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intellectual power and faculty which was necessary to constitute him a free, voluntary, moral agent, and capable of that wisdom and piety which rendered him perfectly amiable in the sight of God and man. And his growing in wisdom and holiness is a conclusive evidence that he possessed the same kind of intellectual powers and faculties which are peculiar to a human soul, that gradually comes to maturity. Though his mind strengthened and expanded gradually, yet it strengthened and expanded rapidly, and made greater progress in knowledge and virtue than other children of the same age and under similar advantages. There is no doubt but that his pious parents instructed him as early and as well as they were capable. It is to be presumed that they taught him to speak and to read, and improved every opportunity of imparting useful instruction into his attentive and docile mind. He heard them from day to day read the word of God, and call upon his name. He was soon capable of reading the scriptures himself, and of understanding what the prophets had said concerning his character, his office, and mediatorial conduct. He early knew much more concerning these great things than his parents. This appears from his extraordinary conversation with the Jewish teachers in the temple, who were astonished at his understanding and answers; and from his reply to the gentle reproof of his mother for tarrying behind in the temple :“ Wist ye not that I must be about my Father's business?" His improvements in knowledge were surprising to all who heard him preach. While he taught in the temple, " the Jews marvelled, saying, How knoweth this man letters, having never learned?” Though he employed most of his time in a laborious occupation with his father, yet he found many leisure seasons and opportunities, which other children and youths, and even men, spend in trifling, that he wisely improved in reading, and contemplating upon the most important and divine subjects. And if we consider the purity of his heart, the strength of his mind, and the rectitude of all his views, desires, and pursuits, it is natural to conclude that his human soul, though at first weak and feeble, would gradually and rapidly increase, wax strong, and be filled with spiritual and divine wisdom. This account of Christ's mental improvements affords infallible evidence that he possessed not an angelic, or super-angelic, but a human soul, which being united with a human body, constituted him in the strictest sense a real man.

III. That Christ was properly a human person will appear, if we consider the state and circumstances in which he was placed while he lived in this world. For,

1. He was fixed in a state of dependence. This he repeatedly and plainly acknowledged." Then Jesus answered and said unto them, Verily, verily, I say unto you, the Son can do nothing of himself, but what he seeth the Father do." Again he said, “ When ye have listed up the Son of man, then shall ye know that I am he, and that I do nothing of myself; but as my Father hath taught me, I speak these things." And again, “ The words I speak unto you, I speak not of myself, but the Father that dwelleth in me, he doeth the works." These are plain expressions of his dependence upon his Father. And it was upon this ground that he so frequenıly and devoutly prayed to his Father. Prayer always implies dependence upon him to whom it is addressed. The prayers of Christ, therefore, prove that he lived and moved and had his being in God, as really as other men, and was as much dependent upon him for divine assistance, direction and preservation, through the whole course of his life, as any other of the human race. He prayed for divine direction in the choice of his twelve disciples. He prayed for divine assistance to raise Lazarus from the grave. He prayed for Peter and for all his apostles and followers at the last passover he ever attended. And he prayed to be divinely strengthened and supported through all his agonies in the garden and his sufferings on the cross. His continual prayers were a continual and practical expression of his state of dependence during his continuance on earth; and his dependence was a demonstration of his real humanity.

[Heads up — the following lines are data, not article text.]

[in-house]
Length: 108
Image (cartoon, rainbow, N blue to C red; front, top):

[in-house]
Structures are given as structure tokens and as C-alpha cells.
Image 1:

2. He was placed under law, which implies that he was a human moral agent, and accountable to God like other men. We are told that " when the fulness of the time was come, God sent forth his Son, made of a woman, made under the law, to redeem them that were under the law.” Christ was as much bound as any other man by the divine law, to love the Lord his God with all his heart, and with all his soul, and with all his mind, and with all his strength, and his neighbor as himself. As a child, he was bound to obey his father and mother. As a Jew, he was bound to observe all the rites and ceremonies of the Mosaic law. As a subject, he was bound to obey magistrates and all the higher powers. And as a dependent creature, he was bound to obey the whole will of his Creator. There was not a divine law existing in his day, but what bound him to universal and perfect obedience, as much as any other man. This he knew, and accordingly paid a strict, cheerful and constant obedience to every divine precept and prohibition. He said, “ It is my meat to do the will of him that sent me, and to finish his work.” And his Father proclaimed by a voice from heaven, “ This is my beloved Son, in whorn I am well pleased.” When he came from Galilee to Jordan unto John, to be bap

tized of him, “ John forbade him, saying, I have need to be baptized of thee, and comest thou to me? And Jesus answering, said unto him, Suffer it to be so now: for thus it becometh us to fulfil all righteousness.” “It becometh us," that is, it becometh me as well as others, to fulfil all righteousness, by universal obedience to the divine commands. And this he more expressly declared in his sermon on the mount. “ Think not that I come to destroy the law or the prophets : I am not come to destroy, but to fulfil.” And again he said, “I must work the works of him that sent me, while it is day: the night cometh, when no man can work." No law, whether human or divine, can bind any but those to whom it is given. So the apostle declares with respect to the divine law. “What thing soever the law saith, it saith to them who are under the law." If Christ had not been man, he could not have been made under the law to man. But he was made under the law to man, which demonstrates that he was really man. I must add,